The Second Law of Thermodynamics states that the entropy of the Universe must increase. When we look a the Cosmic Microwave Background Radiation we see that the early Universe was in thermal equilibrium, which corresponds to a state of maximum entropy. How is it then that the entropy of the Universe is increasing? How is the Second Law consistent with our observations of the CMB?

(Edited for typos)


While the contents of the universe were in nearly perfect thermal equilibrium back then, there was another factor that brought them out of equilibrium: gravity. Being very evenly distributed is a low-entropy state as gravity is concerned. Entropy increases if matter is allowed to clump together, releasing potential energy and creating all sorts of inhomogenities that further disequilibrate the contents. The total entropy has been increasing thanks to an increase of the gravitational part of the entropy, despite the matter/energy contribution becoming somewhat less entropic.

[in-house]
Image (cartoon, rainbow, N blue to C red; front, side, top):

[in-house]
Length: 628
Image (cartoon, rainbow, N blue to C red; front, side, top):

• $\begingroup$ Actually I thought that one of the argumenst for the inflation era of the universe is that it could not be in thermal equillibrium with classical thermodynamics, though the CMB shows great uniformity and the same black body no matter where one looks in the sky. $\endgroup$ – anna v May 7 '18 at 19:00
  • $\begingroup$ It is the post-inflationary Hubble patch that was in thermal equilibrium and hence had low entropy. $\endgroup$ – bapowell May 7 '18 at 20:01

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